With the recent prominence of ‘gender issues’ in the news, I have been reflecting on the voice feminism gives to women (to quote my guest blogger) on the ‘margins of survival’. My recent post referenced Alison Wolf’s assertion that much of middle class society is still propped up by a ‘servant class’; cleaners, nannies, women who iron our clothes, who enable the middle classes to participate in senior knowledge economy roles. This week’s guest blogger is Caroline Raine, a UNISON organiser, who supports workers, many of whom are women, who undertake insecure and poorly paid roles in the public sector to care for our parents, our children, our loved ones. We need to give these women voice.
Since 2010 we have all been living in the downward spiral of austerity. Few of us can still believe it’s for our own good as essential services are cut, pay stagnates and job security becomes a thing of the past. Meanwhile the government continues to dig its heels in, using austerity as a political weapon not a financial necessity. Indeed, while an injection of public spending would kickstart growth and prosperity, continued public spending cuts keep the economy struggling. While no-one escapes the stagnation there is no doubt that it is women who are hardest hit. A recent analysis of tax and benefit changes by the House of Commons Library concludes that 86% of the burden of austerity has fallen on women.
It’s not difficult to work out why women are hardest hit. We are the majority of public sector workers. According to the Institute of Fiscal Studies about two thirds of the public sector workforce are women and the highest proportion of women are in the health and education sectors, i.e. the lowest paid sectors. Since the public sector has now seen cuts to its lowest level since the introduction of the welfare state it is these women who bear the brunt. According to the Joseph Rowntree Trust, English local authorities cut spending by 27% in real terms between 2010/11 and 2015/16 Public services are labour intensive so most of these cuts have been in the form of jobs.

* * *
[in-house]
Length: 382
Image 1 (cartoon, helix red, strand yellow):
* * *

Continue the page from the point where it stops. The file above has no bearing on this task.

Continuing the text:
Not only are we being hit as public sector workers but also as service users. Women are the greatest users of health and social care services (not least because we still tend to be the primary carers in families) so we face a double whammy of cuts to jobs and services.
It is not just statistics that tell the story. In my work as a public sector trade union organiser I see the impact day to day. While none of us are immune to the impact of stagnant pay, rising housing costs, cuts to services, etc., it is the lower paid women in insecure jobs who are worst hit. These are the very women who those of us in better paid and more secure employment depend on to be able to maintain our own earnings – the carers, cleaners, etc. And the women who are paid to work as carers and cleaners often go home to an existence of unpaid caring and cleaning.
I was recently involved in a reorganisation of local authority home care workers. Home carers do a vital job of enabling elderly and disabled people to remain in their own homes, thus improving their quality of life and saving public funds. Home carers are almost all women, they are poorly paid, they work unsocial shifts in often unpleasant and isolated conditions and have often chosen the work because the shifts fit around childcare. Some of the women I represented had young children and relied on partners who worked by day to provide childcare at night so that they could work. Even more common in the group was older women who cared for grandchildren. They did this because their daughters (it is always the women!) needed to work but could not afford the high costs of childcare so were dependant on their mothers.
Many of these women were living at the margins of survival, i.e. just earning enough to pay for essentials. So when the employer came along and said they had to make cuts in hours, for these women it meant financial survival was at risk. But the cuts also meant the introduction of flexibility and you can’t be flexible when you need to be free to care for others at fixed times. Sadly the situation facing these women is all too common and often they are forced out of the public sector altogether as councils find contractors to provide services on the cheap. Despite limited legal protections for workers transferring to a new employer, it is always just a question of time before reason is found to harmonise pay and conditions, forcing everyone down to the lowest terms on offer by the new employer. Private sector employers are less likely to recognise unions and so it becomes more difficult to ensure decent pay and conditions in the long term.
This paints a grim picture. But it doesn’t have to be that way. I believe the tide is starting to turn as we have seen private contractors like Carillion go to the wall while Councils verge on bankruptcy and an inability to meet their legal obligations. The current situation is just not sustainable. But if we don’t shout about it, change will be too slow and damage too long term to undo, even in the term of a Parliament with the will to change things. Women must stand together to campaign for change. The biggest change needed is political change, a recognition that providing services on the cheap is not only painful but is counter-productive.